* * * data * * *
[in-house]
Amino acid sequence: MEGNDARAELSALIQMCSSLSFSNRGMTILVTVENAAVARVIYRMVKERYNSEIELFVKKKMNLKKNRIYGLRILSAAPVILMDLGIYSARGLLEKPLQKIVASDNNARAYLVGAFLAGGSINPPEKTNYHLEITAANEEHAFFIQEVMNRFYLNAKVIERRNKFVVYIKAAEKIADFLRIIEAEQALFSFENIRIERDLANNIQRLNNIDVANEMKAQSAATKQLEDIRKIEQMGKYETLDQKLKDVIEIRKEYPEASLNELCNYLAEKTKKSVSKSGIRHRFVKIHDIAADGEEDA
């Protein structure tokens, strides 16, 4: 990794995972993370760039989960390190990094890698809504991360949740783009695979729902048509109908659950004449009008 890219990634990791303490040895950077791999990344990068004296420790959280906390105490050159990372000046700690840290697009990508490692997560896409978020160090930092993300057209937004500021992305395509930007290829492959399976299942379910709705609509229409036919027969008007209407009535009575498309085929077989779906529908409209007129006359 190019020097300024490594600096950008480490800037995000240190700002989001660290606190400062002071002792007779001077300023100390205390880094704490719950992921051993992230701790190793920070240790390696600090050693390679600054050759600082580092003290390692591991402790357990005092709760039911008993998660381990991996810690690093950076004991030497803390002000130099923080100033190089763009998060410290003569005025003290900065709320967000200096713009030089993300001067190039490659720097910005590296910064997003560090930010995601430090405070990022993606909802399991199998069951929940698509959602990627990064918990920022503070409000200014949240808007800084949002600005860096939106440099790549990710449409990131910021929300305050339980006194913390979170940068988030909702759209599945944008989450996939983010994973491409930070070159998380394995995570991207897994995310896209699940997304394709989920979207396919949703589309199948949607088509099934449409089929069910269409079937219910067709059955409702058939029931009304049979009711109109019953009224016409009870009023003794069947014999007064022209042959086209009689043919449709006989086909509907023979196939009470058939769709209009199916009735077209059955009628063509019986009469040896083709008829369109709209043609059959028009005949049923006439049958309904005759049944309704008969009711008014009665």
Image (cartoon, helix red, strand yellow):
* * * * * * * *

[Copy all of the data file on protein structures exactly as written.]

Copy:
[in-house]
Amino acid sequence: MEGNDARAELSALIQMCSSLSFSNRGMTILVTVENAAVARVIYRMVKERYNSEIELFVKKKMNLKKNRIYGLRILSAAPVILMDLGIYSARGLLEKPLQKIVASDNNARAYLVGAFLAGGSINPPEKTNYHLEITAANEEHAFFIQEVMNRFYLNAKVIERRNKFVVYIKAAEKIADFLRIIEAEQALFSFENIRIERDLANNIQRLNNIDVANEMKAQSAATKQLEDIRKIEQMGKYETLDQKLKDVIEIRKEYPEASLNELCNYLAEKTKKSVSKSGIRHRFVKIHDIAADGEEDA
């Protein structure tokens, strides 16, 4: 990794995972993370760039989960390190990094890698809504991360949740783009695979729902048509109908659950004449009008 890219990634990791303490040895950077791999990344990068004296420790959280906390105490050159990372000046700690840290697009990508490692997560896409978020160090930092993300057209937004500021992305395509930007290829492959399976299942379910709705609509229409036919027969008007209407009535009575498309085929077989779906529908409209007129006359 190019020097300024490594600096950008480490800037995000240190700002989001660290606190400062002071002792007779001077300023100390205390880094704490719950992921051993992230701790190793920070240790390696600090050693390679600054050759600082580092003290390692591991402790357990005092709760039911008993998660381990991996810690690093950076004991030497803390002000130099923080100033190089763009998060410290003569005025003290900065709320967000200096713009030089993300001067190039490659720097910005590296910064997003560090930010995601430090405070990022993606909802399991199998069951929940698509959602990627990064918990920022503070409000200014949240808007800084949002600005860096939106440099790549990710449409990131910021929300305050339980006194913390979170940068988030909702759209599945944008989450996939983010994973491409930070070159998380394995995570991207897994995310896209699940997304394709989920979207396919949703589309199948949607088509099934449409089929069910269409079937219910067709059955409702058939029931009304049979009711109109019953009224016409009870009023003794069947014999007064022209042959086209009689043919449709006989086909509907023979196939009470058939769709209009199916009735077209059955009628063509019986009469040896083709008829369109709209043609059959028009005949049923006439049958309904005759049944309704008969009711008014009665």
Image (cartoon, helix red, strand yellow):